Editorial: Lake Charles could be shining light in state’s economy

One of the state’s top economists marvels at what lies just over the horizon for Southwest Louisiana.

Loren Scott, professor emeritus of

economics at LSU and an authority on the state’s economy, projects that

job growth in the

Lake Charles metropolitan area will top 8 percent in the next two

years. He told a collection of area business leaders recently

that he’s never seen job-growth numbers for our corner of the

state like he’s projecting.

“It’s a scary thing to forecast numbers this big,” he confided.

How big? He believes by the end of 2015, a record 100,000 people will be employed in Calcasieu and Cameron parishes.

And that’s just the start of a unprecedented construction boom for the area that is now forecast to run through at least 2017

or 2018 and could even spill over into the next decade.

Scott, who said he’s been keeping tabs on the area for nearly four decades, said a good year for the area would be $2 billion

in capital spending. What’s projected over the few years for our area is 23 times that amount.

His annual report noted that the Baton Rouge Metropolitan area is expecting $23.7 billion in capital investments over the

next few years, “considered remarkable there but about half of what is expected in Lake Charles.”

According to Scott, the Lake Charles area should be the “shining light” in Louisiana’s economy over the next two years, unless

there is “some unforeseen large spike in natural gas.”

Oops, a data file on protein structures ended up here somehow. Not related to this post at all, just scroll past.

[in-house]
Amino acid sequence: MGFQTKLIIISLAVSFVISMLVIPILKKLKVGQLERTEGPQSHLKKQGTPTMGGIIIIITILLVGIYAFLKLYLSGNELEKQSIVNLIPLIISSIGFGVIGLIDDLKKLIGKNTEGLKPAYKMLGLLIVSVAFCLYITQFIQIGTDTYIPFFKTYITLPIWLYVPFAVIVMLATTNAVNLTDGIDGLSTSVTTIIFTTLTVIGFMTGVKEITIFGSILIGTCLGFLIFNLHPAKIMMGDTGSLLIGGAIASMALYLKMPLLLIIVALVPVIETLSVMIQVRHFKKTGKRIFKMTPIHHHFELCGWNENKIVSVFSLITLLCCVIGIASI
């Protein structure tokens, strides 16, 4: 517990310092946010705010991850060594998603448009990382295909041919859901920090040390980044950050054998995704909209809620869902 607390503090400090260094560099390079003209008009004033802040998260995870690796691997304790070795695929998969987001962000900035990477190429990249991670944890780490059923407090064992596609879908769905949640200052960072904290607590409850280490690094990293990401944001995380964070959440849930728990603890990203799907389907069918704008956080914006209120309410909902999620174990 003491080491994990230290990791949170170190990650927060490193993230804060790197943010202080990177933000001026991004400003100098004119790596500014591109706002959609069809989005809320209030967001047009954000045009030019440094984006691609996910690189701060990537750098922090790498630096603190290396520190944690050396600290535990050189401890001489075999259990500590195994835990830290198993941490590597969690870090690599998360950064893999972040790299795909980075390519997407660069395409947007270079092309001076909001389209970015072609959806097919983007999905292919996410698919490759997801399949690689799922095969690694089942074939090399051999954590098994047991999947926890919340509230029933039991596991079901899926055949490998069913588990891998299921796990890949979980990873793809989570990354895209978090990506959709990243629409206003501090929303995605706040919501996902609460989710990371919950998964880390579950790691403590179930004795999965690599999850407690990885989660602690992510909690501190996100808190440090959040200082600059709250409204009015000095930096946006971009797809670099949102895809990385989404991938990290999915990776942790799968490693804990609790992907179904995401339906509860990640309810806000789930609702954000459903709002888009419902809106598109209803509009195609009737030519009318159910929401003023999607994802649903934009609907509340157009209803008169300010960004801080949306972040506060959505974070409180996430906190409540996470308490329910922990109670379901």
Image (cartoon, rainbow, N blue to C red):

It is the abundance of natural gas, its relatively low price and the area’s network of pipelines to transport it that is fueling

this bonanza.

Cheniere’ Energy’s project to convert its liquefied natural gas facility at Sabine Pass from import to export is under way.

Similar conversion projects for

existing LNG terminals owned by Sempra at Hackberry and Lake Charles

Exports south of Lake

Charles are awaiting government approval as is a new player,

Magnolia LNG, an Australian company, that wants to build an export

facility on the Industrial Canal near Lake Charles Exports’

terminal.

But the real game-changer is Sasol’s plans to build one $17 billion – $21 billion gas-to-liquids plant in Westlake. The price

tag, notes Scott, is the largest single capital investment in Louisiana’s history.

That behemoth overshadows, but can’t diminish the LNG refits nor Lake Charles Clean Energy’s plans to build a $2.5 billion

petcoke-to-methanol plant on the Calcasieu Ship Channel or G2X Energy’s designs to construct a $1.3 billion gas-to-liquids

plant on the Industrial Canal.

All of this construction is expected to require as many as 7,000 construction workers in the next few years.

The good news is not limited to the

petro-chemical sector. IFG’s grain elevators are currently under

construction at the Port

of Lake Charles and an accompanying railroad expansion by Union

Pacific, the construction of the Golden Nugget casino adjacent

to L’Auberge’s casino and AAR’s maintenance-repair-overhaul

operations entry at Chennault International Airport will add hundreds

more jobs.

The oft-used laissez les bon temps rouler, i.e. let the good times roll, appears to be as applicable to Southwest Louisiana’s

economy as it is to our culture.

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This editorial was written by a member of the American Press Editorial Board. Its content reflects the collaborative opinion of the Board, whose members include Bobby Dower, Mike Jones, Jim Beam, Crystal Stevenson and Donna Price.